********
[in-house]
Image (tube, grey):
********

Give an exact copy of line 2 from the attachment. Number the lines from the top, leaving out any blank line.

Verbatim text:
Image (tube, grey):